I have always been a bit of a dreamer, intrigued by the contrast between the plan and the real. And I dream about possibilities.
I’ve lived a few places and visited a few more, and from long ago I remember being intrigued by the vernacular forms of different peoples and places. I’m interested in the ways people “make” their communities, and wonder what they might do next; my drawings are hypothetical proposals for places, exploring perceptions of what is real and what might be real, drawn to mimic the “correctness” of architectural renderings and printed images. But I like doing more than one thing. I get excited by multiplicity of forms (it means more possibilities).
I create steel map paintings from research into specific current and past sites; they are record-keepers, of a sort. I go to places and talk to people for my installations, then use conversations and collaborative creative output to form a dialog around local socio-spatial concerns, emphasizing creative play rather than a formal urban planning process. Individualized, fantastic interpretations are celebrated alongside serious and practical ones; the installations employ a fragmentary, quixotic amateurism that considers creativity, art, local identity, and place. And it can’t all be contained within the gallery walls.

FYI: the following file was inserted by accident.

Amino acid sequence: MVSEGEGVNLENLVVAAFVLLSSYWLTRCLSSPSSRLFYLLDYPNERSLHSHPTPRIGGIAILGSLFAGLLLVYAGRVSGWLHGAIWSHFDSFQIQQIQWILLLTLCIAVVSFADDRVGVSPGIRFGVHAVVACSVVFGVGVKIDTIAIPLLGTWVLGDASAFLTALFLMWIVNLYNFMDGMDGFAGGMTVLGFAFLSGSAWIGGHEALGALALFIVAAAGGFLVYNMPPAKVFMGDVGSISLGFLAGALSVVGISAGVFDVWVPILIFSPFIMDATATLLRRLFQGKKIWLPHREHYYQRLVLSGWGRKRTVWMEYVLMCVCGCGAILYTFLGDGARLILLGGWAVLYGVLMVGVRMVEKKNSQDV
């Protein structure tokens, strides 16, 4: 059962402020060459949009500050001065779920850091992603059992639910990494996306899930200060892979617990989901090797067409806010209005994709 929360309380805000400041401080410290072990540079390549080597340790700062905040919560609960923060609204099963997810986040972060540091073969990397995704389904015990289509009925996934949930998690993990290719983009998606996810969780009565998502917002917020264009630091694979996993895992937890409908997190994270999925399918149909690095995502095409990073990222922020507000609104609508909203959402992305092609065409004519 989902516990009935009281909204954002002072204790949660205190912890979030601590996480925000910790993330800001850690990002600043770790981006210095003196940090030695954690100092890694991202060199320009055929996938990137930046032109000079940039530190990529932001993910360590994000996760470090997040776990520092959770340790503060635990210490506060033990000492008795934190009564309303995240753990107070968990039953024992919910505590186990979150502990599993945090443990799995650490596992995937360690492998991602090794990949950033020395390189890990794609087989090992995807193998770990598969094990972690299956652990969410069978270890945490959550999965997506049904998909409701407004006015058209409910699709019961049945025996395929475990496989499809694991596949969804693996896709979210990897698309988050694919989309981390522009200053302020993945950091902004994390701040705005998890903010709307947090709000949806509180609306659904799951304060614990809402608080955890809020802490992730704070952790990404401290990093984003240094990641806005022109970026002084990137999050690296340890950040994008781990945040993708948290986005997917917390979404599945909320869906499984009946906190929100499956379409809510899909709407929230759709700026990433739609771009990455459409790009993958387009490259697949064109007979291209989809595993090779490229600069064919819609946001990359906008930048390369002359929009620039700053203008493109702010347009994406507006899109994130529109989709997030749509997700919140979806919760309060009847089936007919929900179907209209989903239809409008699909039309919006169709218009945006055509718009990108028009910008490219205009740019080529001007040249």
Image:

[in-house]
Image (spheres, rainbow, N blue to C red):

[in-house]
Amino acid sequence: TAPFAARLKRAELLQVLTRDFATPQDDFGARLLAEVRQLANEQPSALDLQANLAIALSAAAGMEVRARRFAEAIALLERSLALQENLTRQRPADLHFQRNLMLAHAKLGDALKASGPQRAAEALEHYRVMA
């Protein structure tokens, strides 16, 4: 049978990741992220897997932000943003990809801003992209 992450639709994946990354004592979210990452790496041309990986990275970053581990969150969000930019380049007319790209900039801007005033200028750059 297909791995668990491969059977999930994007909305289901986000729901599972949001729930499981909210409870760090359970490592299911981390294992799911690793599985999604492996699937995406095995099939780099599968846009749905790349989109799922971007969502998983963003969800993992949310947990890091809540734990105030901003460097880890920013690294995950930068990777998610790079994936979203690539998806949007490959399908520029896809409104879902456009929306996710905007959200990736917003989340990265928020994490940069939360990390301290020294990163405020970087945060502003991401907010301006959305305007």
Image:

These ideas and forms are held together by the conversation of the challenges of local and global community-building. How does a place become “desirable”? How does a place change its self-concept (or should it)? What makes a place a place? What are the possibilities?